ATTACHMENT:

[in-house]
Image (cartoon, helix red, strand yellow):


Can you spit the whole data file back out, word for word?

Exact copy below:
[in-house]
Image (cartoon, helix red, strand yellow):